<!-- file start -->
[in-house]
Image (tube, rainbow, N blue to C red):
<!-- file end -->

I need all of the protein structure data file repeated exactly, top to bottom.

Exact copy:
[in-house]
Image (tube, rainbow, N blue to C red):